I went to Hikawa Jinja in Kawagoe today, in the hope of enjoying some vibrant Autumn Leaves. I didn’t time it very well; I was too early with the autumn blooms still nowhere in sight. Also, the higanbana that also in Autumn on the Shingashi river where gone by then. But I knew they would be as they have a short blooming period at the end of September and early October. However, the cosmos on the river were still in bloom. Jump to shrine renovation news for 2020.
When I wrote this post in 2013, Hikawa jinja was nothing more than our family shrine. In fairness, it was famous as the shrine from which the Kawagoe Festival began. And for good fortune in love as well as the mysterious unknown treasure secured in the shrine. But it did not enjoy the volume of visitors it does today. The shrine put itself on the tourist trail with younger visitors in particular thanks to a number of marketing drives. Perhaps, the most famous and popular is the annual wind chime display which started a year or two after I wrote this post!
For many years Kawagoe Hikawa Jinja was the place where my family and I conducted shinto rituals, such as 7-5-3 in Autumn and blessings for our babies when they were born. It is also where we bought (sometimes still do) amulets and blessings. Ironically, we rarely get to pray or carry out rituals there anymore because of its popularity. For example, for many years we celebrated hatsumode there. We had to stop due to the queues. Its actually normal for there to be queues for hatsumode, but not to the level of Hikawa. The last time we tried to worship there for New Year the queue – no exaggeration – was a kilometer long.
However, there are times of the year when it is not too busy and we can still carry out some rituals. For example, the randoseru blessing in early March. That happens before the somei yoshino come into bloom on the Shingashi river behind the shrine. Which is another annual event that attracts thousands of visitors. There are actually some early blooming cherry blossoms that bloom around the time of the randoseru blessing and before the somei yoshino.
Autumn at Hikawa Jinja
There aren’t that many colors in Hikawa Jinja even in Autumn. Kitain Temple is where you want to go for spectacular autumn scenery in Kawagoe. But there is a little maple tree that has colored our omiamaeri and 7-5-3 photos over the years. And there are also more maple by the back entrance to the shrine.
Also at the back entrance to the shrine there are a few camellia trees that are usually quite impressive, but I was too early for them too. Both the maple and camellia tend to be best in early December. I’ll just have to wait until next time! The trees on the Shingashi river are bare, but they look quite picturesque bare. At the time of writing this in 2013 the Shingashi river at the back of Kawagoe Hikawa Jinja was somewhere only locals enjoyed. But thanks to the efforts of the shrine and social media the river and its cherry blossoms with a boat ride went viral circa 2015.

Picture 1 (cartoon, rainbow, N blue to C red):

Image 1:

Hikawa Jinja Photos Autumn 2013
Without further ado, the photos I did take today!
Another annual event at Kawagoe Hikawa Jinja not to miss is the “glistening river” in summer:
News for Kawagoe Hikawa Shrine in 2020
On August 1st 2020, the Kawagoe Hikawa Shrine announced that they would be tearing down the Kaikan (function rooms and Enmusubi cafe). The kaikan was left unveiled for a few weeks after the announcement, for people to take commemorative photos. However, by mid September they had put up hoarding. On my last visit, December 11th, 2020 they had already started to demolish the building.
The shrine are downsizing the kaikan and will instead build a smaller function hall. The land will be transformed into a landscaped garden with a “warm and refreshing forest”. And there are also plans to add another stone torii. They initially said they planned to be closed for almost two years. No re-opening / unveiling date has been set. I will update nearer to the time when the release the date, but it looks like that might be 2022.
Hikawa Jinja Information
Hours: 9 am to 9 pm
Cost: free to roam the grounds and take photos. If you wish to worship you can use anything from a 1 yen contribution. Omikuji, religious fortunes, cost about 300 yen on average. Amulets cost around 500 yen. Religious ceremonies and rituals have varying costs. As a guideline a 5000 yen donation or more is required.
Kawagoe Access by train from Tokyo and Omiya
- 31 minutes from Ikebukuro on a express train on the Tobu Tojo Line.
- 44 minutes from Seibu Shinjuku on a Red Arrow Limited Express.
- 66 minutes from Shinjuku or 62 minutes from Takadanobaba on Seibu Shinjuku Line.
- 54 minutes from JR Shinjuku on a Saikyo/Kawagoe line rapid train.
- 28 minutes on a regular train from Omiya on the Saikyo/Kawagoe Line or 22 minutes on the rapid train.
Access by Car
The shrine is about 21 kilometers from Nerima to Kawagoe using the Kanetsu Expressway. The toll for the expressway is about 840 yen (2015).
The Kawajima Interchange of the Ken-o expressway is about seven kilometers from the shrine. Take route 254 to the main crossroads for the Saitama University Hospital and turn right.